“Believe it! Oh, Grace, can you doubt it?”

“I will not; it would make me too unhappy, I will not.”

“You need not.”

“That is enough — I am satisfied — I ask no farther explanation. You are truth itself — one word from you is security sufficient. We are friends for life,” said she; “are not we?”

“We are — and therefore sit down, cousin Grace, and let me claim the privilege of friendship, and speak to you of him who aspires to be more than your friend for life, Mr. —”

“Mr. Salisbury!” said Miss Nugent; “I saw him yesterday. We had a very long conversation; I believe he understands my sentiments perfectly, and that he no longer thinks of being more to me than a friend for life.”

“You have refused him!”

“Yes. I have a high opinion of Mr. Salisbury’s understanding, a great esteem for his character; I like his manners and conversation; but I do not love him, and, therefore, you know, I could not marry him.”

“But, my dear Miss Nugent, with a high opinion, a great esteem, and liking his manners and conversation, in such a well-regulated mind as yours, can there be a better foundation for love?”

“It is an excellent foundation,” said she; “but I never went any farther than the foundation; and, indeed, I never wished to proceed any farther.”

Lord Colambre scarcely dared to ask why; but after some pause he said, “I don’t wish to intrude upon your confidence.”

“You cannot intrude upon my confidence; I am ready to give it to you entirely, frankly; I hesitated only because another person was concerned. Do you remember, at my aunt’s gala, a lady who danced with Mr. Salisbury?”

“Not in the least.”

“A lady with whom you and Mr. Salisbury were talking, just before supper, in the Turkish tent.”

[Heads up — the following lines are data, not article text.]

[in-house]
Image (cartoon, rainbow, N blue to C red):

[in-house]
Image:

“Not in the least.”

“As we went down to supper, you told me you had had a delightful conversation with her; that you thought her a charming woman.”

“A charming woman! — I have not the slightest recollection of her.”

“And you told me that she and Mr. Salisbury had been praising me à l’envie l’une de l’autre.”

“Oh, I recollect her now perfectly,” said Lord Colambre: “but what of her?”

“She is the woman who, I hope, will be Mrs. Salisbury. Ever since I have been acquainted with them both, I have seen that they were suited to each other; I fancy, indeed I am almost sure, that she could love him, tenderly love him — and, I know, I could not. But my own sentiments, you may be sure, are all I ever told Mr. Salisbury.”

“But of your own sentiments you may not be sure,” said Lord Colambre; “and I see no reason why you should give him up from false generosity.”

“Generosity!” interrupted Miss Nugent; “you totally misunderstand me; there is no generosity, nothing for me to give up in the case. I did not refuse Mr. Salisbury from generosity, but because I did not love him. Perhaps my seeing early what I have just mentioned to you prevented me from thinking of him as a lover; but, from whatever cause, I certainly never felt love for Mr. Salisbury, nor any of that pity which is said to lead to love: perhaps,” added she, smiling, “because I was aware that he would be so much better off after I refused him — so much happier with one suited to him in age, talents, fortune, and love —‘What bliss, did he but know his bliss,’ were his.’”

“Did he but know his bliss!” repeated Lord Colambre; “but is not he the best judge of his own bliss?”

“And am not I the best judge of mine?” said Miss Nugent: “I go no farther.”

“You are; and I have no right to go farther. Yet, this much permit me to say, my dear Grace, that it would give me sincere pleasure, that is, real satisfaction, to see you happily — established.”

“Thank you, my dear Lord Colambre; but you spoke that like a man of seventy at least, with the most solemn gravity of demeanour.”

“I meant to be serious, not solemn,” said Lord Colambre, endeavouring to change his tone.

“There now,” said she, in a playful tone, “you have seriously accomplished the task my good uncle set you; so I will report well of you to him, and certify that you did all that in you lay to exhort me to marry; that you have even assured me that it would give you sincere pleasure, that is, real satisfaction, to see me happily established.”

“Oh, Grace, if you knew how much I felt when I said that, you would spare this raillery.”